R. H. Bing


R. H. Bing (October 20, 1914 – April 28, 1986) was an American mathematician who worked mainly in the areas of geometric topology and continuum theory. His father was named Rupert Henry, but Bing's mother thought that "Rupert Henry" was too British for Texas. She compromised by abbreviating it to R. H. (Singh 1986) Consequently, R. H. does not stand for a first or middle name.

R. H. Bing
Born(1914-10-20)October 20, 1914
DiedApril 28, 1986(1986-04-28) (aged 71)
Alma materUniversity of Texas at Austin
Known forBing–Borsuk conjecture
Bing metrization theorem
Bing's recognition theorem
Scientific career
ThesisConcerning Simple Plane Webs (1945)
Doctoral advisorRobert Lee Moore

Mathematical contributionsEdit

Bing's mathematical research was almost exclusively in 3-manifold theory and in particular, the geometric topology of  . The term Bing-type topology was coined to describe the style of methods used by Bing.

Bing established his reputation early on in 1946, soon after completing his Ph.D. dissertation, by solving the Kline sphere characterization problem. In 1948 he proved that the pseudo-arc is homogeneous, contradicting a published but erroneous 'proof' to the contrary.

In 1951 he proved results regarding the metrizability of topological spaces, including what would later be called the Bing–Nagata–Smirnov metrization theorem.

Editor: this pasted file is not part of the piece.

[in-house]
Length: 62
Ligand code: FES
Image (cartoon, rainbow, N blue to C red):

In 1952, Bing showed that the double of a solid Alexander horned sphere was the 3-sphere. This showed the existence of an involution on the 3-sphere with fixed point set equal to a wildly embedded 2-sphere, which meant that the original Smith conjecture needed to be phrased in a suitable category. This result also jump-started research into crumpled cubes. The proof involved a method later developed by Bing and others into set of techniques called Bing shrinking. Proofs of the generalized Schoenflies conjecture and the double suspension theorem relied on Bing-type shrinking.

Bing was fascinated by the Poincaré conjecture and made several major attacks which ended unsuccessfully, contributing to the reputation of the conjecture as a very difficult one. He did show that a simply connected, closed 3-manifold with the property that every loop was contained in a 3-ball is homeomorphic to the 3-sphere. Bing was responsible for initiating research into the Property P conjecture, as well as its name, as a potentially more tractable version of the Poincaré conjecture. It was proven in 2004 as a culmination of work from several areas of mathematics. With some irony, this proof was announced some time after Grigori Perelman announced his proof of the Poincaré conjecture.

The side-approximation theorem was considered by Bing to be one of his key discoveries. It has many applications, including a simplified proof of Moise's theorem, which states that every 3-manifold can be triangulated in an essentially unique way.

Notable examplesEdit

The house with two roomsEdit